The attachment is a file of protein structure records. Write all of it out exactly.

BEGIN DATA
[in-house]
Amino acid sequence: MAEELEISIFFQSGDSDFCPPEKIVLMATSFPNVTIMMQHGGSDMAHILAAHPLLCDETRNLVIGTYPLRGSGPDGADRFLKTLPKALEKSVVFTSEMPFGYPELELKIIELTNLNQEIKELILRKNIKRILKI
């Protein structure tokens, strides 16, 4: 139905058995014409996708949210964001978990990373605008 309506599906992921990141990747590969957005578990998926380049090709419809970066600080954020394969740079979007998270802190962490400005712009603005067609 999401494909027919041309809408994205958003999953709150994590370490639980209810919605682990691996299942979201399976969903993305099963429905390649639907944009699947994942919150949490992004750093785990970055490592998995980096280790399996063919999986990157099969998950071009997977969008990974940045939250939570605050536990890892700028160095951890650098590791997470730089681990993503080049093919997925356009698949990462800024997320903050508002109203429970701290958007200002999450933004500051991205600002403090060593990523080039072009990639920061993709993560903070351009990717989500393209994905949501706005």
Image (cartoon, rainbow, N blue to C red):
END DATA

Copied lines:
[in-house]
Amino acid sequence: MAEELEISIFFQSGDSDFCPPEKIVLMATSFPNVTIMMQHGGSDMAHILAAHPLLCDETRNLVIGTYPLRGSGPDGADRFLKTLPKALEKSVVFTSEMPFGYPELELKIIELTNLNQEIKELILRKNIKRILKI
């Protein structure tokens, strides 16, 4: 139905058995014409996708949210964001978990990373605008 309506599906992921990141990747590969957005578990998926380049090709419809970066600080954020394969740079979007998270802190962490400005712009603005067609 999401494909027919041309809408994205958003999953709150994590370490639980209810919605682990691996299942979201399976969903993305099963429905390649639907944009699947994942919150949490992004750093785990970055490592998995980096280790399996063919999986990157099969998950071009997977969008990974940045939250939570605050536990890892700028160095951890650098590791997470730089681990993503080049093919997925356009698949990462800024997320903050508002109203429970701290958007200002999450933004500051991205600002403090060593990523080039072009990639920061993709993560903070351009990717989500393209994905949501706005």
Image (cartoon, rainbow, N blue to C red):